Best Scuba Diving in October

Emily C, Eleanor and Jacqui are here to help give you the inside track.

There’s a lot to love about scuba diving in October. This month sees the return of regions like the Middle East and North Africa, which are cooler compared to the sweltering summer season. The Red Sea remains a favourite for world-class diving, and Oman is an interesting alternative away from the crowds, while over in Moorea, in French Polynesia, you can swim alongside humungous humpback whales in turquoise lagoons – heaven. For a truly epic adventure, head to the remote wonderland of Papua New Guinea for divine diving in wild and wonderful waters. The Seychelles is another glistening archipelago emerging into its sunny season and in the southernly Aldabra Group you can experience some truly remote diving. So, in no particular order, read on for our roundup of the best scuba diving in October…

Split view water level photo of divers descending into clear blue waters with sand stone aurrounding them above the surface.


Let's begin close to home (if your home is Europe) with Gozo, an idyllic island off of Malta. October is the last month of sunny skies and warm weather, and is perfect for shoulder season travel, with few crowds at the spectacular diving sites. The water temperatures are slightly cooler, hoovering between 22-25°C and the water visibility extends up to 30m.

Gozo's iconic Blue Hole (formed by wind and waves) tempts you into cerulean waters where moray eels poke their heads out of cracks and octopuses crawl by. Explore the extensive seagrass meadows to spy resting rays before diving into deeper depths to wander the old corridors of scuttled vessels - the MV Karwela is one of our favourites. Resting on the sandy bottom at 41m, this wreck is safe to penetrate due to the various openings made before scuttling. Drift along her corridors and snap a photo as you ascend her iconic staircase This wreck is most suitable for those who are deep and Nitrox certified, but if you're not, no fear; there's plenty more. Make the most of your October diving holiday with a day trip to Malta to dive the famous Rozi and P29. And during your interval time, grab yourself a tasty pastizzi - the traditional savoury pastry - from the local food truck.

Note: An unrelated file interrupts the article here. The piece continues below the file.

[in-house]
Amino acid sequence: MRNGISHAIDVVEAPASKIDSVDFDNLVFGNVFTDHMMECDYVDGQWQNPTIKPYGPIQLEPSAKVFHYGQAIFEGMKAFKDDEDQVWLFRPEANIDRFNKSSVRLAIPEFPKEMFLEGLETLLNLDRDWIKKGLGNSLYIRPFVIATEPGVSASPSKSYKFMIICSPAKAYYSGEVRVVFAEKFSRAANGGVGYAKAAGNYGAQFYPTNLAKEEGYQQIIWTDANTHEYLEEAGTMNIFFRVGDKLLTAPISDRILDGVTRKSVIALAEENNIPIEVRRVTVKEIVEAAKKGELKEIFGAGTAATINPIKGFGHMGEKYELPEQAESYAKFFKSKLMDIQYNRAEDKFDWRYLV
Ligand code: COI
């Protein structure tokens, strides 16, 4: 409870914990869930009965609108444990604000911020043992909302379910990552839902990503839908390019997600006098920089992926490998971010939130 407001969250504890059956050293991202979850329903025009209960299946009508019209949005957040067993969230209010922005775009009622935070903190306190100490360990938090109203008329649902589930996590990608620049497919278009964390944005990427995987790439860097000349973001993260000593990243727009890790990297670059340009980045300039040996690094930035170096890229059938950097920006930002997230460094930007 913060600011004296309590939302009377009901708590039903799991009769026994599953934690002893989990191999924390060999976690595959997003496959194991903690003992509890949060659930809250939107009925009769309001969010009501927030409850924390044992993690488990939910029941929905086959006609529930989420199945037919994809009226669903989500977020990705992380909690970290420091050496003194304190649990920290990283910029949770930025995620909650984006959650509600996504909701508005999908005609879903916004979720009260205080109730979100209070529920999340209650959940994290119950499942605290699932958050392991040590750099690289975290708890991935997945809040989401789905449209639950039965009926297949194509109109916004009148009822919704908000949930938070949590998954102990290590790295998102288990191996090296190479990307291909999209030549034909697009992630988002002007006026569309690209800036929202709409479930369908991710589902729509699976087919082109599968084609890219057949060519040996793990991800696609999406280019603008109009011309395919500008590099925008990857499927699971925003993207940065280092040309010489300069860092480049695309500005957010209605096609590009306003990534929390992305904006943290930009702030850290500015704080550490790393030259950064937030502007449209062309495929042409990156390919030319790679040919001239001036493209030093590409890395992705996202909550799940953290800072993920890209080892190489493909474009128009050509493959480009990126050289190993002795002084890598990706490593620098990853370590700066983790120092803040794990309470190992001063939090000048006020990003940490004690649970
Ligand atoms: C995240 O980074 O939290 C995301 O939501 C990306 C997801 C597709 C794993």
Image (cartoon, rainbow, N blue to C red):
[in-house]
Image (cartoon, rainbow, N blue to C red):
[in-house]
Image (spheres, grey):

Recommended by Rachel Gaw

Moray eel in the cave of the coral reef with red tropical fish swimming by


A little further afield, the Red Sea awaits with slightly cooler waters and more manageable surface temperatures. With arguably the best diving close to the UK, the Red Sea has it all, from pelagic to macro species, corals to wrecks. And October brings another marvel: the cooler water temperatures welcome back thresher and hammerhead sharks to the southern reefs, while the resident dolphins continue to dance. It's no wonder the Red Sea remains one of the best places to dive in October.

Besides the joy of diving with sharks, the Red Sea promises corals in every hue, especially if you head to the Ras Mohammed National Park near Sharm El Sheikh, where you'll find a colourful array of hard and soft corals. And for those who love the lazing, grazing animals, keep an eye out for hawksbill and green turtles snacking on the seagrass.

Of course, we can't talk about the Red Sea without mentioning the expectational wrecks that dot the seafloor. One of the world's best wrecks, the SS Thistlegorm, can be found in the waters of Sharm El Sheikh. Head towards Hurghada for some treasure hunting among the SS Carnatic wrecks - a steam-and-sail powered clipper, that was carrying a precious cargo of gold when she sank.

Recommended by Rachel Gaw

Underwater photo of a blue sea star resting on coral wth sun light coming through


If you want to give the crowds a miss while also enjoying guaranteed sunshine, head to Oman. Egypt's quieter neighbour has some excellent, unspoilt dive sites along the stretches of its coastline. Whether you're embarking on a liveaboard in southerly Salalah, or diving in a fish soup of marine life around the Daymaniyat islands, diving the fjords of the Musandam Peninsula or all of the above, Oman is action-packed with adventure. And if you go diving in October, you may be lucky enough to spot whale sharks.

For those based in Muscat for their trip, the Daymaniyat Islands are a must-visit, offering the best diving just west of the capital. The waters here are wonderfully clear with visibility extending up to 30m - perfect for spotting dolphins and turtles.

In the north, cut off from the mainland, is the Musandam Peninsula. Known as the 'Norway of Arabia', the emerald waters here are surrounded by pink-skin cliffs and home to marine life ranging from macro critters to large whale sharks. Due to some stronger currents, there are slightly more technical dives here, but for those eager to learn, there are plenty of sites for beginners.

Recommended by Charlotte Dunn

A frogfish floats just under the surface in a raft of algae

Papua New Guinea: